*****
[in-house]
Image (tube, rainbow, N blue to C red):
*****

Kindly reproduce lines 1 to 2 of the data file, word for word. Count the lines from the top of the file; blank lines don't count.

[in-house]
Image (tube, rainbow, N blue to C red):